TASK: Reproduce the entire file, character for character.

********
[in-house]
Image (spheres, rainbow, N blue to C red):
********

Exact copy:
[in-house]
Image (spheres, rainbow, N blue to C red):